“In 2014, students approved the allocation of student success fees towards Career Services’ proposal to expand programs targeting career development. This included a portfolio platform to allow students and alumni a space to store resources and reflect upon and showcase work samples and competencies acquired through academic, co-curricular, and professional experiences. Today’s employers expect graduates to communicate and show proof of knowledge and abilities and have expressed a preference for visible evidence of such qualifications. By teaching students to consider the significance of their Learn by Doing work, communicating skills and knowledge, and collecting related artifacts, we will better prepare them for today’s job search.” (Rinaldi, 2016)
In April 2015, the Career Services department launched Portfolium to all students. Since then, over 16,000 current students have created accounts.
How Can You Use Portfolium in Your Course?
Student assignments that lend themselves to critiques, projects, and electronic files can be added to Portfolium to be shared with instructors, peers and potential employers.
“Portfolium is helpful to me because I can add projects from school, work, and personal work to showcase my diverse range of skills and experience in different fields. I think having students post their work on Portfolium is a great idea. Many students do great work but never show it to the world. I think young adults starting out in the professional world should learn to market themselves not just on a resume but also on a portfolio website like Portfolium.” (Lu, 2016) Students like Sophia Lu, may post their artifacts to the Portfolium site. Showcasing her work with digital images, descriptions of the projects and what was learned, attachments, a list of skills used to complete the project, and comments from her instructors or other professionals.
Paper resumes can’t showcase a student’s presentations, videos, writing samples, images, designs, prototypes, code, performances, musical compositions, digital credentials, or assessments like a web-based portfolio can. Portfolium can also link to other websites (personal or others such as LinkedIn) to provide additional information. If you would like to see examples of other students’ work, check out the Cal Poly Contest Winners.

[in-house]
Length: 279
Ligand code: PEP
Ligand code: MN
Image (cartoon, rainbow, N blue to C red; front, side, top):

Cal Poly Materials Engineering faculty member, Dr. Linda Vanasupa, used Portfolium in her MATE-340 class.
“Portfolium gave the class a platform to showcase their individual projects to tell a story about their education…that it’s more than just answering questions on a test.” (Vanasupa, 2016)
Linda’s PolyLearn course outlined the Course Project.
She provided an example in her own Portfolium site…
…and a rubric.
Students posted their Portfolium URLs in a PolyLearn Assignment so Linda could review them.
If you would like other students to view Portfolium pages instead of limiting access to only the instructor, you could use the PolyLearn Forum tool to share URLs.
How Do I Learn More?
If you would like to talk to an instructional designer about student portfolio projects, please schedule a consultation with Tonia Malone (email@example.com). She would be glad to help.
Charlotte Rinaldi, Assistant Director of Cal Poly Career Services.
Sophia Lu, Student, Architecture
Linda Vanasupa, Professor, Materials Engineering